An asset management strategy that incorporates cost, reliability, Environmental, Health and Safety (EH&S), process safety, energy consumption and production into an integrated model… driving better asset strategies at the equipment level. That is what happens within the Operational Sustainability, LLC new APM framework that improves asset performance, reduces risk, and enhances compliance assurance. At the very core, this expanded view addresses process safety, human performance, and asset information management.
APM involves operating and maintaining physical assets to optimize their performance. The new APM includes Enterprise Asset Management (EAM), PHA, Condition-Based Monitoring (CBM), Equipment Health Monitoring (EHM), RCM, RBI, IOW and other relevant tools. This expanded view of APM helps eliminate major safety incidents and environmental permit violations.
Simply said, APM processes are what asset practitioners do (i.e. operators, mechanics) and AIM is what the organization does to manage its asset information. AIM and PSI need to be assembled before startup of a facility and maintained throughout the assets' lives. Management of Change (MoC) is key to the governance of AIM along with PSI such as operating procedures, P&IDs, and materials of construction.
The mechanical integrity (MI) element is a key bridge to asset integrity & reliability, and APM. MI focuses on the management of critical process equipment to ensure it is designed and installed correctly, and that it operates and is maintained properly (i.e. no leaks and all elements are fit for service). MI is a subset of an effective reliability program and overall asset management. It encompasses the activities necessary to ensure that equipment/assets are designed, fabricated, installed, operated and maintained in such a way that they provide the desired performance.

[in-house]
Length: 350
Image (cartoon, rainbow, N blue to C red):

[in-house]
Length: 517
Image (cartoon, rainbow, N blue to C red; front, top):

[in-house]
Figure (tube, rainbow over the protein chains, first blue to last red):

Below is a table that suggests key elements in New APM activities:
|Work order management||Scheduling requests for asset related work and monitoring performance.|
|Operations planning and scheduling||Requires quality asset information. Important for meeting deadlines, maximizing profits and protecting the quality of your product.|
|Enterprise Asset Management||The evolution of a CMMS to incorporate basic work scheduling and tracking, financials, HR, procurement, and inventory management.|
|Time-Based Inspection||It will help ensure that potential leaks, corrosion, damage and failures are minimized to equipment in operation. Standards for the inspection, repair, alteration, and rerating activities based including standards such as API 510, 570 and 653.|
|Risk-Based Inspection||Optimal maintenance business process used to examine equipment and risk imposed by damage mechanisms along with the probability and consequence of failure. Based on standards such as API 580.|
|Management of Change||Not-in-Kind change emanating from re-engineering requirements of equipment.|
|Process Hazard Analysis||Systematic assessment of the potential hazards of a process aimed at reducing the consequence of unwanted events.|